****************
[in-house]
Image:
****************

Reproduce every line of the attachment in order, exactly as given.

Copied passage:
[in-house]
Image: